Escaping icebergs on Greenland's public radio

Kalaallit Nunaata Radioa is a fisherman's friend.

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Something you might not know about icebergs: they can escape. In the small coastal city of Ilulissat, western Greenland (human population: 4,893; sled-dog population: 6,000), all the talk is of an iceberg “escaping” from the mouth of the nearby Kangia glacier last week, releasing an immense tide of floes and slush directly into the iceberg bank, which makes it impossible for the local fishermen to manoeuvre in their small boats. Several panic-filled days later, the bank clears a little and the vessels are again on the move.

On KNR – the national broadcasting corporation of Greenland – there’s a discussion about the rising number of fishing licences and the decrease in the catch. “There are more and more fishermen but no more fish!” is the theme of a well-worn, ratty exchange. And yet by 4pm the boats in the harbour are passably full: large halibut scoured and hung to dry on lines also pegged with blue overalls; a minke whale, cut into small pieces and bagged, the decks of the six-metre boat that towed it here flecked with blubber. Four severed harp seal flippers line up sadly in the cold sun. Everywhere, radios blast.

Don’t you get lonely? I ask Pavia – 36 and fishing in a one-man craft since his teens – out there all day? He sweeps the deck of blood, half considering my question. Impossible not to feel lonely in that world of ice, surely, sitting for hours at a time among the floes as they make their melancholy moans and creaks. “Yes,” he nods. And then, “But not with the radio.” All the fishermen listen to KNR. One of the regular shows features a freewheeling discussion between two elderly women who stop talking now and again to play Hank Williams. Then back to the conversation, not in Danish but the gorgeously polysynthetic Greenlandic, stringing together roots and suffixes so languorously that a single word can read as though someone fell asleep on the keyboard. Take aallariartortarfik, the word for Departures at the airport: it translates as “the place for the one who has the intention of going somewhere”.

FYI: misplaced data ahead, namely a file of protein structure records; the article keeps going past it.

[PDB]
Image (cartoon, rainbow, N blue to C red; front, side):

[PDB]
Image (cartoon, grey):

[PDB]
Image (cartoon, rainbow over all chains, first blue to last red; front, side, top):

“What are they talking about now?” I ask Pavia. “Stuff,” he shrugs, bored by my questions, “the old days.” Before long it’s Hank, and “They’ll Never Take Her Love from Me” twangs down the busy pontoons. 

Antonia Quirke is an author and journalist. She presents The Film Programme on BBC Radio 4. She writes a column on radio for the New Statesman.

This article appears in the 27 August 2015 issue of the New Statesman, Isis and the new barbarism

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